My son attended Beye School from kindergarten through sixth grade. He currently is in college and now fully appreciates the exceptional teachers and educational opportunities he had in Oak Park. He has two mothers. In all our years at Beye, that fact was never an issue – not for anyone at anytime.

Well, there once was a first grader who asked me why he didn’t have a father. I remember trying to formulate an answer that would be consistent with whatever her parents would want her to understand at that age, but still respectful of whom we were as a family. Beye was a very special place. I will always be grateful for the welcoming, inclusive sense of community we experienced there – and then wonder why I feel so grateful for something that should be a given.

I am deeply saddened by recent events at Beye. I have paused to reflect and sit with my own reactions prior to composing this letter. First, a few facts. The training provided by staff from the Illinois Safe Schools Network was about many different types of families – children who are adopted, raised by single parents or grandparents, not solely about gay parents and their children. Positive Behavior Interventions and Supports is not a program.

It is a process and a structure for using data to make decisions about responses to problematic behaviors in schools. So in this case, bringing in training as a response to incidents of bullying is a most appropriate use of PBIS. Sexual orientation and gender identity are the second-most common reason students experience bullying. Every school in Illinois is required to have a policy on bullying and teach prevention of bullying behavior.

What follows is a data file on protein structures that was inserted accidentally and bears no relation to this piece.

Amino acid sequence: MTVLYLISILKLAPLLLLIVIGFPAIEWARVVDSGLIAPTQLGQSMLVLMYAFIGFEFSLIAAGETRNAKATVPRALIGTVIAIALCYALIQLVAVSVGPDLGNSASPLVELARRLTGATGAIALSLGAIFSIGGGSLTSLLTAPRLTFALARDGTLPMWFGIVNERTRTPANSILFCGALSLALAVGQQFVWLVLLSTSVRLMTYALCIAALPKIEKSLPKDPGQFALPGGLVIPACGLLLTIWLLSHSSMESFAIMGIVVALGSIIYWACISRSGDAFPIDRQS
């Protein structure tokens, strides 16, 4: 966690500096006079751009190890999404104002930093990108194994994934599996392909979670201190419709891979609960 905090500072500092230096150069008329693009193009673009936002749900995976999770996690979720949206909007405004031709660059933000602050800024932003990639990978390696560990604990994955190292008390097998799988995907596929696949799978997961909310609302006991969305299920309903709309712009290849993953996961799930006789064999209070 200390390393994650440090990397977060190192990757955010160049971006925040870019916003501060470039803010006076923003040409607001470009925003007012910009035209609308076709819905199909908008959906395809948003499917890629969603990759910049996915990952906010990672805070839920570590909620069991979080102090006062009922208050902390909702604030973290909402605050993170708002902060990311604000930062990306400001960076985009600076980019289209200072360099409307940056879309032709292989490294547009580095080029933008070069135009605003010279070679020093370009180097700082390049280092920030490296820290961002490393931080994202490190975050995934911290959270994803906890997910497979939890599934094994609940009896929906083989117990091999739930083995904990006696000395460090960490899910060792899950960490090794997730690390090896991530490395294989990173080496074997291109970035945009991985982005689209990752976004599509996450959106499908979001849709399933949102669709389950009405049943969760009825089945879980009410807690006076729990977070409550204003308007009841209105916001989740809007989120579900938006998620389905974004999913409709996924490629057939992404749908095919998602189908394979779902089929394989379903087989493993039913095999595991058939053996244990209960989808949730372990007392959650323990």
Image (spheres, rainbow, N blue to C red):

As a community, we have been challenged to consider the meaning of tolerance and our ability to accept points of view that make us uncomfortable. That does not mean that we need to tolerate students calling each other “faggot,” hate mail sent to those who come to our community to provide us with information, the belief that any family is less than another, or students leaving a meeting in tears because they have been offered the opportunity to “be cured.” These responses are not tolerable in a community that prides itself on diversity and inclusion. Differing points of view, opportunities for open-minded dialogue, and acceptance of alternative beliefs can be embraced – as long as the behavior of one party does not impinge upon the basic human rights of another. We do not have to tolerate hate. That is why actions driven by hate are referred to as “crimes.”

There is a bill before the legislators calling for language to strengthen the current anti-bullying legislation – to include identification of protected classes. This is legislation that we should encourage our representatives to support.

• Colette Lueck is an Oak Park village trustee.

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